Nantclwyd y Dre
Nantclwyd y Dre (Nantclwyd House)


The attractive timber-framed Nantclwyd House (Nantclwyd y Dre in Welsh) stands on Castle Street, between Ruthin's attractive town square and the gates of Ruthin Castle. Nantclwyd is the oldest timber-framed house yet found in Wales, built around 1435, as evidence by tree-ring dating.

The house was expanded several times during the 16th and 17th centuries, with odd little wings and a jettied porch. It served as a school for girls in the Victorian period and as a rectory during the Edwardian era, as well as providing accommodation for visiting judges.

The hall
The hall

In the 20th century the house fell unused and was falling apart before the Denbighshire County Council stepped in and carefully restored it. The result is a wonderful historic house with interiors that span 500 years.

The interior displays are centred on the 'Seven Ages' of Nantclwyd, with a room devoted to each 'Age'. The rooms are arranged in reverse chronological order, so you start in the 1942 hall, then go back in time through the rector's study (1916). Next comes the 1891 schoolroom, leading to a Georgian bedroom decorated with Chinese wallpaper; a style that was quite fashionable in the Georgian period.

After the Georgian room comes a 1690s chamber with a lovely plasterwork ceiling, representing how it would have looked when Eubule Thelwall owned the house. Beyond is a Jacobean bedchamber with a hung bed. Look for the 'stool of ease' in the closet (a portable loo, offering a touch of real life to the tableau!).

The Jacobean bedchamber
The Jacobean bedchamber

The final room is a 'business room', arranged as it would have looked in 1435. What is really fascinating about this room is that it is almost completely unaltered since it was built. We know that the owner made a pilgrimage to Rome, for a hidden document was found during the house restoration recalling the journey.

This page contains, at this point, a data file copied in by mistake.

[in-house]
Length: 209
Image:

Behind the house is a restored period garden with a lovely little summerhouse.


Nantclwyd House has fairly limited opening times (I had to visit twice before I found it open), so please do check the official website before making a trip. You can still get a lot out of just viewing the exterior, though, as the timber-framing is excellent, and very well restored. The house interior is fascinating; I found myself really drawn into the history of the place.

When I visited there was a display of historical wedding clothes on show, which, although I wasn't sure really fit with the house, were actually quite intriguing historically. I loved how the house was arranged to take you further and further back in time, seeing how the house changed and how it was used for so many purposes over the centuries. I really got the sense that the restorers cared a great deal about the house, and its history, and that shines through in the displays.